I believe it’s critical for them to learn these lessons, so they’ll be confident and engaged employees, family members, and citizens. 

One of the best resources I’ve read that helped me organize my thinking about this issue is a book called “Alone Together: Why We Expect More From Technology and Less From Each Other,” by Sherry Turkle. She’s an MIT professor who studies the relationship between humans and machines and how these relationships ultimately change us.

She is hardly a Luddite and enthusiastically embraces all forms of technological advancement. However, she also speaks directly about how these technologies change the way we think, develop and interact with one another. 

Here are a couple of key points from her book:

Sometimes people experience no sense of having communicated after hours of connection

As we distribute ourselves, we may abandon ourselves. Sometimes people experience no sense of having communicated after hours of connection. And they report feelings of closeness when they are paying little attention. In all of this, there is a nagging question: Does virtual intimacy degrade our experience of the other kind and, indeed, of all encounters, of any kind?

“Connecting in sips may work for gathering discreet bits of information, they may work for saying, ‘I’m thinking about you,’ or even for saying, ‘I love you,’ but they don’t really work for learning about each other, for really coming to know and understand each other. And we use conversations with each other to learn how to have conversations with ourselves.

“So a flight from conversation can really matter because it can compromise our capacity for self-reflection. For kids growing up, that skill is the bedrock of development.” 

Many parents tell me they don’t want their children to be left out or they worry their children won’t know how to navigate the world we now live in if they don’t have access to devices. These are understandable concerns, as virtually every kid has their own device, and no one wants their child to be left behind.

Even if you choose to give your children a phone, make sure they are having enough interpersonal experiences without them only happening through their device.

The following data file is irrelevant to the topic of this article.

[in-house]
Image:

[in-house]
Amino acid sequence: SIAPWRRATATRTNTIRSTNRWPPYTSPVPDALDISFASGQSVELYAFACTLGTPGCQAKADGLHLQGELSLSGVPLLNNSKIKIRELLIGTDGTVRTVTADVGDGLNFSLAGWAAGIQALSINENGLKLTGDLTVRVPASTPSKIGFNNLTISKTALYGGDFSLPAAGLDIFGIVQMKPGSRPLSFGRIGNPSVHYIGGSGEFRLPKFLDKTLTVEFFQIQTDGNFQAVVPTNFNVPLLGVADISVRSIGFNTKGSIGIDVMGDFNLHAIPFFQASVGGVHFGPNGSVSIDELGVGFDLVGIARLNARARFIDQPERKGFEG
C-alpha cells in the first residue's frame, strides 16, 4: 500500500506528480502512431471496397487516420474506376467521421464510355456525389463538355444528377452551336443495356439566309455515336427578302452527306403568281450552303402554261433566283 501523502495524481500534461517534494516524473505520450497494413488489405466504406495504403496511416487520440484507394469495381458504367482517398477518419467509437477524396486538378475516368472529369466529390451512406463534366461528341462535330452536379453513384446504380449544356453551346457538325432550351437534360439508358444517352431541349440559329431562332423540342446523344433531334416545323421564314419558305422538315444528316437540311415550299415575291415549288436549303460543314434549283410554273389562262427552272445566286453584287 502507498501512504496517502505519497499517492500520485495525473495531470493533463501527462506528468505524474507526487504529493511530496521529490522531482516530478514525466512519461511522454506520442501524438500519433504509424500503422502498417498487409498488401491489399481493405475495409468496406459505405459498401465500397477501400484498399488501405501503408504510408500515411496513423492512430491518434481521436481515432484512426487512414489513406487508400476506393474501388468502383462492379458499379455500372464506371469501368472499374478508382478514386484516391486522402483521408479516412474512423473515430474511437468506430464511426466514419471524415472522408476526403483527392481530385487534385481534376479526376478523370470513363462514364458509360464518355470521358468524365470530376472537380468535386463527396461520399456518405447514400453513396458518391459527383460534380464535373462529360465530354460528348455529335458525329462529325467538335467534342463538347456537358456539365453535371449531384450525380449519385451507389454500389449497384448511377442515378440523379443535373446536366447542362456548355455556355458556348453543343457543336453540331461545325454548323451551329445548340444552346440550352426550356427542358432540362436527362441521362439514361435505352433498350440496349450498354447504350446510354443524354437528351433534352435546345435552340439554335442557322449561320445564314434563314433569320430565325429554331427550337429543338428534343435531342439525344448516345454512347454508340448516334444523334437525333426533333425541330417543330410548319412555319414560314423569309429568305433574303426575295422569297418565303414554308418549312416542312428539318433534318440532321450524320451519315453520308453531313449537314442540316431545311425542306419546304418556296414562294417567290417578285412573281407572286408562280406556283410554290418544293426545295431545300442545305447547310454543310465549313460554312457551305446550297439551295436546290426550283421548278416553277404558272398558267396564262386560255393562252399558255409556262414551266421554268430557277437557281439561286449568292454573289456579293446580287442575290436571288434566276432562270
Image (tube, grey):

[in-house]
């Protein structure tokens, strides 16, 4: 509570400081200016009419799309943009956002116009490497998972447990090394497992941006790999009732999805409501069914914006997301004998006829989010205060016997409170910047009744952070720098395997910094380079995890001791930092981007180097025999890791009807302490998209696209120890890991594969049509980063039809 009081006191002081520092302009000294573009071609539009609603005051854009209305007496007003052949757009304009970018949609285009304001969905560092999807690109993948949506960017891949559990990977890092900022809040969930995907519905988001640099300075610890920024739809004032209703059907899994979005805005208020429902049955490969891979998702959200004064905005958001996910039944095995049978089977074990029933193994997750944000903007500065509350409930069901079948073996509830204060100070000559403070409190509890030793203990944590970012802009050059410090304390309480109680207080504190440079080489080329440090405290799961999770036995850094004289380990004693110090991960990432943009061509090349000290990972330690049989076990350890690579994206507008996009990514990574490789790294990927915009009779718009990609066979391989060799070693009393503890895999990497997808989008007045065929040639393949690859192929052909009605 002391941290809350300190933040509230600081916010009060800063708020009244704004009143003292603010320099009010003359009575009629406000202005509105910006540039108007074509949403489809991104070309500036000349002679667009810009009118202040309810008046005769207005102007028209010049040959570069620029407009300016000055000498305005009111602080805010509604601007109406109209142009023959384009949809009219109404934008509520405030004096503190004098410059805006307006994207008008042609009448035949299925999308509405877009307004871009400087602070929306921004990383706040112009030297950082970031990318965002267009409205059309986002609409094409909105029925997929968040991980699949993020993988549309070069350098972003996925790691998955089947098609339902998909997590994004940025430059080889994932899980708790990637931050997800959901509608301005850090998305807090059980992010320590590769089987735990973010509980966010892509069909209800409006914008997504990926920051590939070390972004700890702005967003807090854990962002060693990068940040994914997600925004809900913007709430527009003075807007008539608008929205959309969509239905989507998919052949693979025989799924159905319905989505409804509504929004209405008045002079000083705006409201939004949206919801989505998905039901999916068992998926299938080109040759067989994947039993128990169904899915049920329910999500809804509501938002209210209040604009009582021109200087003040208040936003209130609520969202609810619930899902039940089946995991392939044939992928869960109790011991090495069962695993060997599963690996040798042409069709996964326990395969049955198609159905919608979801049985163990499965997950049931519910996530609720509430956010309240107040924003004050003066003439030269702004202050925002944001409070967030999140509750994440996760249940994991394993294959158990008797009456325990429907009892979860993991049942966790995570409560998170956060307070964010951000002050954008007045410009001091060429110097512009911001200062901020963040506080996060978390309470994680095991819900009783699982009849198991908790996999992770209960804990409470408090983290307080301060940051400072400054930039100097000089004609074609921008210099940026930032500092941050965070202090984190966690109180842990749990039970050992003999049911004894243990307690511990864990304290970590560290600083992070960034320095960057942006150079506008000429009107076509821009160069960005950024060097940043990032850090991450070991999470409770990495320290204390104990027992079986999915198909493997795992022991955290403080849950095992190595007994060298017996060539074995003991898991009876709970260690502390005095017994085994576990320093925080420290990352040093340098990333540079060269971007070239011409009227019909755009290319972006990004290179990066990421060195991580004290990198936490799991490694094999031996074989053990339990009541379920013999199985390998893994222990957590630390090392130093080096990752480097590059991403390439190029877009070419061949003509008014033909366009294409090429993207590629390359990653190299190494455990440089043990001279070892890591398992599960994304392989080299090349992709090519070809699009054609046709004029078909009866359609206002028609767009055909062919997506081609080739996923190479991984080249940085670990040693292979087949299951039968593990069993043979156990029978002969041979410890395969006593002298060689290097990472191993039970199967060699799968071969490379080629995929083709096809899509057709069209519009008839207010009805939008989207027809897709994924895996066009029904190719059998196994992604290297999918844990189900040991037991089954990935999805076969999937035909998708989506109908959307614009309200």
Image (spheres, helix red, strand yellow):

You can start by making sure there are clear and consistent rules about how tech will be used in your home. For example, we have a rule in our family that meals are tech-free. Parents and children don’t answer phones or texts during meals, allowing for real connection to happen. Make sure your own use of devices isn’t interfering with your relationships with your children.

Are you on your phone when you pick your kids up in the car? Does the constant checking of your phone get in the way of relationships in your family? Make sure you’re not so consumed by your own device that your children learn disconnection from your example. 

Children need to have access to emerging technologies so they can navigate the world. However, the learning curve for being a healthy person who can tolerate uncertainty, make decisions, be considerate of others, handle uncomfortable emotions, deal with boredom, control impulses and other vital life lessons is much steeper than learning how to post a status update.

Focus on your child becoming a good citizen with siblings, peers and adults as they slowly move into digital citizenship.

As worried as we all are about inappropriate content available to our young people, the bigger concern is that these devices will consume so much of our time and attention that we will disconnect from ourselves and each other. As you first plan for the relationship and personal lessons you want your children to learn, it will be easier to see how tech can be a tool to help them accomplish those goals.

In some cases, devices will get in the way of accomplishing those goals. Your deliberate and intentional implementation of these lessons will help your children learn how to connect to themselves and others in ways they might not do if left to their own devices.